The knowledge of multi-component, spatially varying stress and strain states and structural information is crucial for elucidating advanced concepts and models in materials science and strength engineering. Recent developments in neutron and high energy X-ray diffraction techniques at large scientific facilities have pushed the spatial resolution towards ever smaller length scales, at the same time improving data acquisition rates, making it possible to obtain large collections of diffraction patterns. However, because of the limitations imposed by gauge volume geometry and grain structure of the object the desired information is often contained within these data sets in implicit form, e.g. as convolutions or averages. Recently it has been demonstrated that robust inverse problem formulations akin to tomographic reconstruction methods can successfully be used to de-convolve detailed, spatially resolved information about material structure, texture and deformation. The present project will develop systematic approaches to the treatment of redundant high energy X-ray and neutron diffraction data sets for the purpose of extracting time-dependant, three-dimensional, multi-component maps of strain, texture and damage. X-ray diffraction experiments will be conducted on the JEEP beamline at Diamond, beamline ID15A at the ESRF, and neutron transmission data will be obtained on the ENGIN-X instrument at ISIS. The results will establish foundations for future methodologies for multi-dimensional analysis (3D and time-resolved) of strain, texture and structure of advanced engineering materials and components.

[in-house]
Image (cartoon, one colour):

New dimensions of engineering science at large facilities